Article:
hand, the secret consists of mechanical improvements that a good
mechanic can make without resort to the secret, the wrongdoer's
liability may be limited to damages, and an injunction against future
use of the improvements made with the aid of the secret may be
If you can, therefore, establish your chemical as a trade secret, what
can you do then?
"When 29 CFR 1910.1200, the OSHA Hazard Communication Standard was
being drafted, some manufacturers worried that the requirement to
provide MSDS's would give away their "secret formulas" or proprietary
information about their products. Thus, Paragraph (i) of the Standard
permits a manufacturer, importer or even employer to withhold the
specific chemical identity of a material provided that all of the
1. The claim of a "trade secret" can be supported (key point; more below).
2. The MSDS states that the specific chemical identity is being
withheld as a trade secret.
3. The properties and effects of the hazardous chemical, including
the PEL, TLV, or other designated exposure limit, is disclosed in the
4. The specific chemical identity is made immediately available to
a treating physician or nurse in an emergency situation or to the
physician, nurse, employee or designated representative under certain
non-emergency situations; see Paragraph i(3) for detailed
"OSHA has a very specific and rigorous definition/discussion of "trade
secret" which makes up Appendix D of 29 CFR 1910.1200. An important
quote from this section is Matters of public knowledge or of general
knowledge in an industry cannot be appropriated by one as his secret.
Matters which are completely disclosed by the goods which one markets
cannot be his secret. So if you have a product which is easily reverse
engineered or is a generic equivalent of other products, it would be
quite difficult to support such a claim. You can not claim a "trade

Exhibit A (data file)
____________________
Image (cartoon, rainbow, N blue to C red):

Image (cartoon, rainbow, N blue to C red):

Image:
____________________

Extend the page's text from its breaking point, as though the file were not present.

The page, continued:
secret" merely for your own convenience or to prevent others from
knowing that your magic cleaner is really just isopropyl alcohol."
If you were using your chemical as one would in its normal usage, a
"trade secret" claim could not be supported, but in my estimate, since
you are using the chemical for an out-of-the-ordinary reason that is
not commonly known in the industry, this would count as a trade
secret. You would have to confirm this with OSHA, however. It is rare
that OSHA gives trade secret status, however, so even if your chemical
qualifies, you might not be able to get the actual status for MSDS
In addition, even if your use of this chemical is not found to be a
trade secret, remember that you are not required to provide consumers
with an MSDS sheet at all and so you could certainly provide them with
an alternate one that doesn't include the name or blocks it out
somehow. Either way, your secret will be protected from your
- "What is our obligation when a customer, prospective customer or
anyone calls us and asks for an MSDS sheet?"
--You have no obligation by law. (Federal law; some states may
differ in their interpretations.)
- "Do we have to give it to anyone who asks?"
-- You have to give it to any employee that works around the
chemical who asks, and they have to have easy access to it. They
shouldn't even have to turn a key to get to it, but it should be
freely available to them.
-- In case of a leak or a spill, you have to give it to
emergency responders at the scene and any emergency workers at the
scene or at the hospital.
- "Can we just ignore the request or refuse it?"
-- You certainly can. You may not want to ignore it, but you
should tell them that you don't provide MSDS information to customers.
If they say that you are legally required to do so, you can direct
them to OSHA, by phone or by web, and tell them that OSHA does NOT
require you to give them the information, but only to your employees.
- "Can we black out information on the MSDS identifying the
manufacturer and supplier and then give it to them?"
- "Can we simply put the emergency treatment and hazard information
into a simple ?Chemical Information Sheet? and give that to them
(while explaining that we do give out actual MSDS sheets)?"
-- This might be the best idea. You don't upset the customer who
is curious about the chemicals in their building, but you also keep
your product a secret.
msds sheet give out
msds consumer liability
I hope I have fully answered your question for you. If you have any
additional help or clarifications that you need, let me know and I'll
be happy to help.